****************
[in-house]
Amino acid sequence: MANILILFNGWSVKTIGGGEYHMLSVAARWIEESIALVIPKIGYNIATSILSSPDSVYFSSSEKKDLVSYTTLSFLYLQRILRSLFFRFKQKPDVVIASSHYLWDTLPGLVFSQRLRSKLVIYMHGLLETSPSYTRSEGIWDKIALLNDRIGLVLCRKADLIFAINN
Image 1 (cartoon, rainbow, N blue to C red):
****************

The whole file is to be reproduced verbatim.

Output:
[in-house]
Amino acid sequence: MANILILFNGWSVKTIGGGEYHMLSVAARWIEESIALVIPKIGYNIATSILSSPDSVYFSSSEKKDLVSYTTLSFLYLQRILRSLFFRFKQKPDVVIASSHYLWDTLPGLVFSQRLRSKLVIYMHGLLETSPSYTRSEGIWDKIALLNDRIGLVLCRKADLIFAINN
Image 1 (cartoon, rainbow, N blue to C red):